Getting Your Throwers Back on the Field:  Part 1 of 3

What a Thrower Looks Like

I recently had a 14 year-old baseball player come in to see me after 6 months of rest and rehab after an elbow injury.  His dad is a coach and parents were on board every step of the way.  They had followed every recommendation and all the protocols, but 3 weeks into play, he was hurting again.

During our evaluation, we looked at the elbow and wrist, but we mostly looked at the shoulder complex.  What we found was a total arc measurement of 107 degrees (External Rotation: 90 + Internal Rotation 17).  His non-throwing side showed 165 degrees (External Rotation 105 + IR 60).  The literature would point to us to immediately starting the sleeper stretch.  I was just as concerned with his external rotation however.  Why do you ask?  (I did address his internal rotation also.  Do not neglect this!  I just want to make it a point to recognize the external rotation issue here also!  For more on how I addressed his IR, Click Here)

Why External Rotation?

A throwing athlete should NOT have a loss of external rotation.  The act of throwing countless times as they develop often creates a torsion of the humerus, leading to increased external rotation and reduced internal rotation.  This is a normal adaption and not something we need to intervene with when we see this.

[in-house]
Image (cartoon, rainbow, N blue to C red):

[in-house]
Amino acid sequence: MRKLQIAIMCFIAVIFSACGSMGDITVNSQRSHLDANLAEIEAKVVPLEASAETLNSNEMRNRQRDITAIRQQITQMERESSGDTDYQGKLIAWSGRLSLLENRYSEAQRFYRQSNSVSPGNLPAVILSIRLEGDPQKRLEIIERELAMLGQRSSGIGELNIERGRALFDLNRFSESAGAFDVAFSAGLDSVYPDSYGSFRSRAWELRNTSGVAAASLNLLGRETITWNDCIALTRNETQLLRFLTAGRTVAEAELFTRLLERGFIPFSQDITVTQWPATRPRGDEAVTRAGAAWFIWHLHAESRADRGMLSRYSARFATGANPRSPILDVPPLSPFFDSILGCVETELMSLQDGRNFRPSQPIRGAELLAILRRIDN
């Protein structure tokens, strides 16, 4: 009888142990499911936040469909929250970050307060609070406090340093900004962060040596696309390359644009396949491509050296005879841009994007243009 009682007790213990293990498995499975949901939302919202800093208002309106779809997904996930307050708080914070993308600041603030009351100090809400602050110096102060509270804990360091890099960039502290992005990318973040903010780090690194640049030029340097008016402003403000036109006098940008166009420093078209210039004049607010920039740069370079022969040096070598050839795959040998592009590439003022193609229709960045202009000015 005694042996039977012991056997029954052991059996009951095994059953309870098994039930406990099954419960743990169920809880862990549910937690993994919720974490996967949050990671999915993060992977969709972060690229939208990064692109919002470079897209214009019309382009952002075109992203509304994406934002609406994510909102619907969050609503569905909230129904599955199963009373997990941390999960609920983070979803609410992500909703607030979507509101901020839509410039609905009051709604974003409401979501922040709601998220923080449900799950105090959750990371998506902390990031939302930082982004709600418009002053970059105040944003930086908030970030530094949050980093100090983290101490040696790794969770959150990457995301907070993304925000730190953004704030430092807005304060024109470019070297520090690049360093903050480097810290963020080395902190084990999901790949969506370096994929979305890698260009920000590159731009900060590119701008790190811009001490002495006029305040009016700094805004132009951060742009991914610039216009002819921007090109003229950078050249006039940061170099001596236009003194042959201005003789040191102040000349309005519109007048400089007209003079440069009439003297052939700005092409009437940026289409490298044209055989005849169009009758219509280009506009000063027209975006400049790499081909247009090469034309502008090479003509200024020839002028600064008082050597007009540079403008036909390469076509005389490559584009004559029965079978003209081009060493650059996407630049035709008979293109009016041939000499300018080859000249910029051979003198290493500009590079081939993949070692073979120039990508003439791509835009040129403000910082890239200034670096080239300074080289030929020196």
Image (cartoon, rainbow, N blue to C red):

So why was he loosing external rotation?  Barring a surgical procedure, it is incredibly rare for a thrower to need to be stretched into external rotation.  Doing so, may increase the microinstability often seen in the anterior capsule of the shoulder, which could be catastrophic!  Instead, we need to figure out why!

The Scapula

When discussing throwing, we always discuss the posterior rotator cuff as the decelerators and the anterior musculature (pecs and subscapularis) as the accelerators.  Over time, these muscles can be impacted with any of them being overused.  It is also important to discuss the medial scapula muscles: mid trap, low trap, rhomboids, and even the upper trap.   All of these have a roll in scapular stabilization and deceleration of the arm.  With overuse or poor muscle balance, the scapula can begin to rotate anteriorly.  This creates both an unstable base for the rotator cuff and also effects the athlete’s ability to reach the normal late cocking position of throwing.

Try This:

Put your arm up in the air in a high-5 position.  It should feel relatively normal.  Now protract your scapula and try to do it again.  You are going to find that you lost about 20 degrees of external rotation.  The worst thing you could do is try to stretch the shoulder.  Instead, fix the scapula!

(picture shows flexion limited, the same occurs with external rotation!)

Picture Reprinted with Permission:  Secrets of the 15 Minute Shoulder Fix — Kaplan 2016

How Did We Fix This?  It’s More than Just the Thrower’s 10

Scapular strengthening is incredibly important, but it is only one piece of the puzzle.  If the scapula is stuck in an anteriorly rotated position, then your chances of being successful with a strengthening program are limited.  Instead, use your soft tissue techniques to improve this.  At our company ACE, we use our shoulder mobility home program handout and associated videos.  A couple of the videos are shown below.  If you would like the handout emailed to you, join our mailing list!

 

Part 2 will cover proper performance of scapula strengthening next week

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